- A civil war between the government of Yemen and Houthi rebel forces has spiraled into the world’s most severe humanitarian crisis.
- Yemeni civilians are caught in the crossfire in what is largely seen as a proxy war between Saudi Arabia, which backs the Yemeni government, and Iran, which is accused of supplying arms to the Houthis.
- A coalition that includes countries like Egypt, Jordan, and the United Arab Emirates has pledged to support Saudi Arabia to counter Iran.
- The US has lent logistical and intelligence support to Saudi Arabia, but US lawmakers are now vowing to end this support, citing Saudi Arabia’s killing of journalist Jamal Khashoggi and the devastation the Yemen conflict has caused. The US Senate passed a resolution to end US support on Wednesday.
- According to human rights organisations, over 22 million civilians are in desperate need of assistance in Yemen – and nearly 6,000 have been killed.
- The civil war has a long history – we’ve highlighted the key contributors and how deeply they are involved in the crisis.
The Houthi rebels
The Houthi movement began in the 1990s, but the faction did not declare war on the government until 2004, when its leader was killed by the Yemeni government.
After eight years of clashing with the rebels, Yemeni President Ali Abdullah Saleh resigned, handing the reigns to then-Vice President Abed Rabbu Mansour Hadi in 2012.
The Houthis are an Islamist movement of largely Shi’a Muslims that rose to prominence in criticising corruption under Saleh.
In 2016, the Houthis fired missiles at US Navy warships, forcing the ships to take countermeasures. The US military retaliated by striking three coastal missile batteries with cruise missiles.
Though the exact nature of the country’s involvement is murky and disputed, Iran has been accused of arming the Houthis.
The Iranian connection is the primary reason for Saudi involvement, and the factor that unites its coalition.
Iran is barred from selling or transferring weapons out of the country without UN Security Council approval.
In November, the Pentagon presented a surface-to-air missile that was seized by the Saudi-led coalition en route to Yemen. The missile had Farsi writing and US officials told Reuters there was a logo from an Iranian arms maker in the warhead.
The conflict in Yemen is largely seen as a proxy war between Saudi Arabia and Iran.
In 2009, fighting between Houthi rebels and the government of Yemen spilled over into Saudi Arabia.
In the decade since, the Saudi mission has both deepened and spread – what started as strikes is now a war waged on land, from the air, and on sea.
That mission intensified after Houthi forces gained control of Sanaa, the capital of Yemen, in 2014. The following March, Saudi Arabia and its coalition isolated Yemen economically while continuing to launch air strikes. The compounding political unrest, economic isolation, and military casualties have resulted in deadlock – and devastation.
Saudi Arabia has come under harsh scrutiny for atrocities, such as the August bombing of a school bus of children on their way to summer camps, as well as Saudi Arabia’s role in the hyperinflation that’s driving the country’s hunger crisis.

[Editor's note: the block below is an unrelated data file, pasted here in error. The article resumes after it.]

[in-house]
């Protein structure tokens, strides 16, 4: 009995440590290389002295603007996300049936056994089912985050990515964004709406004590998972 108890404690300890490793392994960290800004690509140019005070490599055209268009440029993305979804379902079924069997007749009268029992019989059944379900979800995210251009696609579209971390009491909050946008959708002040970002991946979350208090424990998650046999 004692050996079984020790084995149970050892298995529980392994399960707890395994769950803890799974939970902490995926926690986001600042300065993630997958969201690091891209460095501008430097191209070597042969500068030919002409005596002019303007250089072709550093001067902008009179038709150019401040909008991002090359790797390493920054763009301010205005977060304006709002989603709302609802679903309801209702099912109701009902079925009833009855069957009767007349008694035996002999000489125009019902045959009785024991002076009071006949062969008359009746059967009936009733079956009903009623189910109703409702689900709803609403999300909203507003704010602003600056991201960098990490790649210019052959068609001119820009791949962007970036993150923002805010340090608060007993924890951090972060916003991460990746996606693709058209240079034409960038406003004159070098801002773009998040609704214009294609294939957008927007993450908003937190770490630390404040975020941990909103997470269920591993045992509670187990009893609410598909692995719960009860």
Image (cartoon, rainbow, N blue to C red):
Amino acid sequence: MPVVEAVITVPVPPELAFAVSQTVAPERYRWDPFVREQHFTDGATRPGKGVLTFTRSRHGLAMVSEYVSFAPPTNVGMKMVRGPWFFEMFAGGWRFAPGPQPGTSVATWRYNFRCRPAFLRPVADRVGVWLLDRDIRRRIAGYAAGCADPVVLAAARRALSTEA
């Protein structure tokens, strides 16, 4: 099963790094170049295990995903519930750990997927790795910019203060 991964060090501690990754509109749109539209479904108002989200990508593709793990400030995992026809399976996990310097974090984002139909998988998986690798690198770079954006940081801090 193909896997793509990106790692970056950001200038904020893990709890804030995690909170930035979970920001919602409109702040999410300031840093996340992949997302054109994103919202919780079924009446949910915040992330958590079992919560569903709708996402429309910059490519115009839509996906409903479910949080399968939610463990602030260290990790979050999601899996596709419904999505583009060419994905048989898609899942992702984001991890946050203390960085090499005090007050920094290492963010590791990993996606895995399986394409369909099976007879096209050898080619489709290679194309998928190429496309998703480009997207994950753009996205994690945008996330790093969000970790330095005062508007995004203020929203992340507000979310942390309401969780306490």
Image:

Saudi Arabia’s role in Yemen fell under scrutiny again in the wake of the Kingdom’s shifting explanation of the death of journalist Jamal Khashoggi.
Egypt is one of the main contributors of the coalition, lending its air and naval forces to the mission.
Egypt sent four of its warships to conduct patrols and support a naval blockade of the Bab el-Mandeb strait and the port of Aden – an instrumental tactic in Saudi Arabia’s plans to isolate Yemen economically.
According to the World Peace Foundation, the nation has also contributed as many as 800 ground troops.
United Arab Emirates
The UAE has contributed combat aircraft to the Saudi mission.
UAE led an assault on the port city of Hodeidah, when one of its landing craft was hit by Houthi rockets, reportedly killing four soldiers.
Bahrain, Jordan, Kuwait, Morocco, Qatar, and Sudan have contributed a wide degree of support to the Saudi coalition.
According to the World Peace Foundation, Sudan has the “largest presence of ground troops of any external member” of the Saudi-led coalition.
The foundation reported that Qatar ended its support in 2017, but Bahrain, Jordan, and Kuwait have continued supporting the air war.
The United States
US lawmakers have vowed to end its support, including arms and logistical support, for Saudi Arabia in Yemen.
On Wednesday, the US Senate passed a resolution to end US support for the war, a move opposed by most Republican senators.
Lawmakers including Democratic Sens. Chris Murphy and Bernie Sanders have said images of civilians, including children, who have suffered the consequences of the war pushed them towards a resolution, but the killing of journalist Jamal Khashoggi tipped the scales.
In the case of the school bus bombing, the bomb was reportedly a 500-pound bomb produced by US defence giant Lockheed Martin.
Amnesty International estimates nearly 6,000 civilians have been killed during the ongoing war
In what quickly became the world’s largest humanitarian crisis, the war has resulted in some 22 million people in need of some form of assistance, including food, water, shelter, and sanitation.
Eighty-four thousand children have died from acute malnutrition, and 8.4 million civilians are on the brink of famine.
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